5. Refrain from unnecessary travel plans
By preventing employees from situations that put them at risk of coronavirus infection, we lower the chances of it spreading in the workplace. Airports, planes and travelling, in general, is a cesspool for diseases and is highly discouraged at this time. Hence, refrain from travelling unless urgent or necessary, and strictly follow the health advisories’ recommendations when travelling to a particular country. Consider enforcing a travel declaration to keep tabs on the travel history of your co-workers.
6. Encourage the use of masks
As the coronavirus is spread through the contact of saliva, wearing protective masks helps prevent saliva from spreading onto others through sneezing or coughing. It also helps limit contact between the hands and the face of a person. The coronavirus can also spread before symptoms arise, hence it is wiser to always wear a mask at the slightest bit of sickness.
7. Be vigilant about employee's health
If your employees are showing indications of ill health, permit them to rest at home to recover. Keep an eye out for indicative signs, such as fevers, headaches, coughing, shortness of breath and difficulties in breathing. Employees should be encouraged to visit a doctor if they experience or display any of the symptoms of the coronavirus infection. Frontline workers are especially susceptible to catching illnesses and can consider these precautionary measures to help better ensure their safety.
Mental health is just as important. Refer to this guide for mental health tips during CoVid-19.
8. Maintain minimal physical contact
As the virus is transmitted only through physical contact of one’s saliva and not airborne, it is necessary to limit or to refrain from physical contact wherever possible. Workplaces can encourage a period of “no contact” and refrain from handshakes. Instead adopt a Japanese style of greetings such as waving, smiling, bowing, or a simple nod of acknowledgement.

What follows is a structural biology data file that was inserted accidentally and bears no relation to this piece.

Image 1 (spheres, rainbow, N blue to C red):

9. Educate teams on proper hygiene habits
One of the key steps to preventing coronavirus infection, as like other illnesses, is to maintain good hygiene. Emphasise the importance of practising proper hygiene habits, such as washing hands frequently for at least 20 seconds, and with the appropriate technique. Avoid touching the face, mouth or eyes when you are out in public, and cover your mouth when coughing or sneezing. Remind colleagues that they should shower as soon as they reach home, and also wipe down their phones from time to time sanitising it.
10. Allow remote work practices and go digital
Did you know that adopting digital practices into your workflow can not only increase employee morale but also work productivity? Businesses should therefore adopt the use of digital applications not only in times of pandemic situations but to prepare ahead when faced with such unforeseen circumstances? Advocate for digital communication even when within the same building. Utilise voice or video calls to maintain clear and transparent communication remotely be it through Skype, Slack or Zoom.
Did you know that Really, Singapore’s integrated B2B tool allows real estate professionals to still stay on top of their project and property management tasks remotely and digitally. In fact, procurement needs can also be done in one unified platform.
While the country fights together to combat and prevent coronavirus infection, we should remember that Singapore stood victorious against other numerous pandemic viruses before, i.e Ebola, MERS, SARS. When we unite and stand together and fulfill our duty in being sanitary, we can help not only keep coronavirus at bay but to potentially combat it. Remember, Singapore’s effective containment measures and resilience to external threats, medical or military has always been indisputable. Let’s keep at it and help Singapore rid itself of the coronavirus!
We want to acknowledge and thank all the professionals within healthcare and medical scenes for keeping Singapore and its people safe in such perilous times.